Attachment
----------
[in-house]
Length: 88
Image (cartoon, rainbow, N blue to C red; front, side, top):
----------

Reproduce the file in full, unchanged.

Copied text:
[in-house]
Length: 88
Image (cartoon, rainbow, N blue to C red; front, side, top):